Survivors and historical archives recount mistreatment at Marieval boarding school
âThey brought us there and we stayed there. We learned because they hammered it on us’
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As Canada is shocked by the discovery of 751 anonymous graves near Marieval Indian Residential School, survivors and historical documents recount the abuse inflicted on Indigenous students who were torn from their communities to attend the facility.
âWe went to boarding school, they took us there and we stayed there. We learned because they hammered it on us. Really, they were very mean. When I say hammer, I really mean hammer. These nuns were very mean to us, ârecalled Florence Sparvier, 80, at a press conference on Thursday.
Sparvier, who spoke to the media just after Cowessess First Nation Chief Cadmus Delorme revealed details of the gruesome find in a cemetery adjacent to where Marieval once stood, was the third in her family to attend boarding school after his mother and grandmother.
She said native students were sent there to learn to be Roman Catholics and were forced to put aside all aspects of their native culture, language, beliefs and education.
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âWe were taught at home that we have to take care of ourselves physically, mentally, emotionally and spiritually. But it all came off when we went to boarding school. They told us what to say, âSparvier said. âWe have learned not to like who we are.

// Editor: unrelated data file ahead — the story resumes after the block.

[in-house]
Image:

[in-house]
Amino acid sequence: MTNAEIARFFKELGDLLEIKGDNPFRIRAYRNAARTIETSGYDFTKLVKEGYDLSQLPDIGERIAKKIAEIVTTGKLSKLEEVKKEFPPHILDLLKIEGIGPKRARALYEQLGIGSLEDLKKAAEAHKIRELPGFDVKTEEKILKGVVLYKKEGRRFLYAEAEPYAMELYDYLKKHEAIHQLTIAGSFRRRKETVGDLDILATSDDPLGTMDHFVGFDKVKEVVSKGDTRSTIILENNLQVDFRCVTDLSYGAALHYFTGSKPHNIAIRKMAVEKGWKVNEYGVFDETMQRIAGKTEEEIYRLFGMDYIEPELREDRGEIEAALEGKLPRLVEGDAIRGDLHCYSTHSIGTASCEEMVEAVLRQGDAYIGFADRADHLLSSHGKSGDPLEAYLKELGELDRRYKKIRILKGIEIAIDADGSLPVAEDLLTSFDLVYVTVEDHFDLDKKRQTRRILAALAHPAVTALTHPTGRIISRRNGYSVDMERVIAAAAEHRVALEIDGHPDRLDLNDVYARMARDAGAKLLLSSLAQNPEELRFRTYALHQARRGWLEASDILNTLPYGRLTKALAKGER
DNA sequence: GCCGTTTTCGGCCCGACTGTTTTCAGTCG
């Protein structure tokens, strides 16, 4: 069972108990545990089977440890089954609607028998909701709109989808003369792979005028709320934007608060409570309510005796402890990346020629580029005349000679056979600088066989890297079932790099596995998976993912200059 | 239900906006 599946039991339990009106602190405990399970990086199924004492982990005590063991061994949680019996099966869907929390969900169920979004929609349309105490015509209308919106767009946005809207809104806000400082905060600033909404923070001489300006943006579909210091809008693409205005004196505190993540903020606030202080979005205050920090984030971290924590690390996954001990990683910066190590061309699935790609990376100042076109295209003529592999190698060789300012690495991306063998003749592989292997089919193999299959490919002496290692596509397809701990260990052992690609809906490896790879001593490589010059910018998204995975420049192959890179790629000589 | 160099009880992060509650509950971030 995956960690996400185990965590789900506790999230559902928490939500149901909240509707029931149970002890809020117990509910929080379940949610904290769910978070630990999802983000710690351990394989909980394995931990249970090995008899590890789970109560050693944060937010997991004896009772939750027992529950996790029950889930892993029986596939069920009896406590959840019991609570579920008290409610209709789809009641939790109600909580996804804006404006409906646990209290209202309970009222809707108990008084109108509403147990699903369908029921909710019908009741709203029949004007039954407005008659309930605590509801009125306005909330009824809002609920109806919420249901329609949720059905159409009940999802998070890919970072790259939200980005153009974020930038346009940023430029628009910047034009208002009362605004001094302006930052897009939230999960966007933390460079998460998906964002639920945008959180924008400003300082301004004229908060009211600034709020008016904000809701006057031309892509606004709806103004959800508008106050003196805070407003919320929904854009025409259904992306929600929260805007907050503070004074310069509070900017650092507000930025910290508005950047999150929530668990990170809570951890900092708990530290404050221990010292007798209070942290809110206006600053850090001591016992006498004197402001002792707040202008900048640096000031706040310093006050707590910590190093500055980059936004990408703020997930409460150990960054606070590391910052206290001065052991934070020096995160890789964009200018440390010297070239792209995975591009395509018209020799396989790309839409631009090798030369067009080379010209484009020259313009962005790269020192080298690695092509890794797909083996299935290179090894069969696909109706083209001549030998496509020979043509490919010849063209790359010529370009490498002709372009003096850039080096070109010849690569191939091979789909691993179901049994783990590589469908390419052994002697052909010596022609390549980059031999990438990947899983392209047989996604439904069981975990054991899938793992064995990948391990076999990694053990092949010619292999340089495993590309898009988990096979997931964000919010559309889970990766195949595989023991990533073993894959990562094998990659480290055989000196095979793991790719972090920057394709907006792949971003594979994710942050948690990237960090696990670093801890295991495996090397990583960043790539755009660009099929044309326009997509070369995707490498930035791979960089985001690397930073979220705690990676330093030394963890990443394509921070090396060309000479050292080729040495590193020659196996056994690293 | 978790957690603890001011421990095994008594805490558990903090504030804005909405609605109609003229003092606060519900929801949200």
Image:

âThey condemned our people very strongly. They told us that our people, our parents and our grandparents had no way of being spiritual because we were all pagans.
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As was the case with many boarding schools across the country, Sparvier said parents had no choice but to send their children to boarding school for fear that one of them would be sent. in prison.
Records and interviews gathered by Canada’s Truth and Reconciliation Commission (TRC), University of Regina (U of R) researchers, and newspapers all paint a similar picture of Marieval Residential School.
Cowessess First Nation resident Carol Lavallee told the Regina Leader-Post in 2007 that she was herded like cattle when she was taken to Marieval when she was just six years old.
âWhen they came and took me to boarding school when I was six, they picked us up in a cattle truck,â Lavallee said, quoted in a U of R document. remember I was so small I couldn’t see over the box. My sister was standing close to me to keep me still so I wouldn’t be tossed around in the back of that cattle truck.